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Lancaster dispensary opens as state weighs plant sales

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A Lancaster County medical marijuana dispensary opened its doors last week as state officials ruminate over allowing sales of the plant form of the medication.

Cure Pennsylvania - owned and operated by Derry Township-based Bay LLC - began serving patients by appointment only last Wednesday and Thursday at its Manheim Township location, with walk-in service available by Friday.

Like other dispensaries in the midstate, Cure opened its location with product from only one distributor - Butler County-based Cresco Yeltrah. But according to Cure COO Ryan Smith, supply has not been an issue for the dispensary because it did not rush to open immediately after it was approved by the state.

"Our concern, even three or four months ago, is if we do that, we’ll run out of inventory. We don’t want to run out of inventory then disappoint patients by not being open," said Smith.

According to Smith, the Lancaster County location was fully booked in its first three days, with 15-minute appointment slots available between 10 a.m. and 6 p.m. Smith said the best sellers have been vaporizer cartridges, pills, and concentrates.

In early February, Cure was the first dispensary in the midstate to receive final approval from the Pennsylvania Department of Health to sell product to patients. Cure is also licensed for dispensary locations in Chester and Montgomery counties.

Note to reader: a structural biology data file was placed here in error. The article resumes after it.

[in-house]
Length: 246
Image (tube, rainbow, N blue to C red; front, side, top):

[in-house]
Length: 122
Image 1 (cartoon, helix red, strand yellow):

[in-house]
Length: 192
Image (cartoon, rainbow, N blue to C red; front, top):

Cure’s March opening came the same week as news from the Department of Health that subcommittees for its medical marijuana advisory board discussed legalizing sales of the dried plant form of cannabis. According to a department spokesperson, the committee will issue its final recommendations to the Secretary of Health at the board’s meeting April 9.

According to Smith, the dried plant requires less work on the part of the processor and could channel more supply to dispensaries like Cure.

"We would definitely like to be able to see that and be able to offer another series of products to patients where we can potentially get into the lower cost medicine, and that’s simply because there’s less processing," said Smith.

Cresco Yeltrah co-founder Charlie Bachtell had earlier put prices for his company's products between $30 and $95, or $0.15 per single dosage. Efforts to reach the company for this article were not successful.

Customers at Cure rarely raised price as an issue and Smith said he expects the price of the medication to drop as more distributors open for business.

"Like any other market in the world, with more supply we’d probably see some moderation as well, and that will probably happen over the next three to 24 months," said Smith.

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